By Sandra Vaughan, Grand Circle Foundation Project Manager, East Africa
Every day, we come across stories that tear our hearts out or make us sad—and some stories ignite such a passion within us, we are driven to find a way to help.
My passion was ignited two years ago when a pride of 17 lions went on a killing spree in the Maasai village of Tarangire, Tanzania, killing two donkeys and some goats. This incurred the wrath of the Maasai, who in turn hunted down and killed seven of the lions. More than 100 warriors went looking for the rest of the pride.
Now O.A.T. and Grand Circle Foundation have a great friend here in Tarangire, Maasai Chief Lobulo, and he was desperately trying to stop the killings. But 11 lions were still hiding out around the village. He called me and asked for help. With two phone calls, we had a team of rangers from Tarangire National Park and friends of the lion research team on the scene.
By that evening, the rangers and researchers had coaxed the lions back into the park, and the situation was resolved. We lost seven lions that day, but saved 11 from the same pride.
It made me realize that we needed to help the Maasai protect their livestock, and eliminate the need for retaliation killings of lions or hyenas.
Researching on the internet, I found the story of Richard Turere, a 13-year old Kenyan boy who invented a battery-powered flashing light that deterred predator attacks when put around a livestock enclosure. In every boma (homestead) he has worked with, he reported zero predator attacks. And so my idea was born: Why not try flashing solar-powered Christmas fairy lights?
Since then, for nearly two years, I have had Boston associates bring out several sets when they visit, and I have had them strung up in bomas in Tanzania and Kenya. Every month when checking in with the Maasai chiefs, they report zero attacks in bomas with flashing lights. There have, however, been deadly attacks in neighboring bomas. Last month in Amboseli, Kenya, one boma lost 100 goats and sheep in a single night—and they lost 34 in Tarangire that same evening.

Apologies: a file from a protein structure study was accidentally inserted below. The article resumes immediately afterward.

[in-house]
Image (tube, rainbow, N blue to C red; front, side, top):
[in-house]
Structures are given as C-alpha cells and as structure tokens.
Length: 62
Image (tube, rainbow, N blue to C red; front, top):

Harriet Lewis learned about the project when she visited Kenya in the summer of 2016. Through Grand Circle Foundation, she generously donated $10,000 for the purchase of flashing solar-powered lights to help the Maasai communities save livestock and, in turn, save wildlife. On November 7, along with a group of 16 O.A.T. travelers and their Trip Experience Leader, Godliving, we started to distribute flashing lights to the Maasai.
We hung lights in 20 bomas, and then went off to meet an elder who had been in a fight with a lioness four months ago. Although he managed to spear the lioness, she was never found. He survived the attack but with horrific injuries to his leg, which was broken in several places. We got to put up lights around his livestock enclosure and a small hut where he keeps his goats. On two separate occasions, hyenas have dug through the wall in an attempt to get the livestock!
I went back in the evening to see if the lights were working. Tarangire was lit up like a Christmas tree. Everywhere I looked, I saw flashing lights—which can be seen as far as a kilometer away. I absolutely cannot even put into words what a moment that was.
And the phone call I had with chief Lobulo the next morning—again, no words can describe my state of mind. Apparently, the Maasai slept very well last night. No nonsense in any boma with flashing lights. And to quote Chief Lobulo: “Mama, please bring more lights. Please help. I have received more than 30 phone calls from other elders. They all want flashing lights. My phone is hot.”
To think, just two nights ago, one homestead lost four goats and another lost 35. Last night there were zero reports of any losses. Thank you, Harriet, for believing.
Visit the village of Tarangire and learn how Grand Circle Foundation is making a difference when you join O.A.T. for Safari Serengeti: Tanzania Lodge & Tented Safari. Visit a school supported by the Foundation in this video: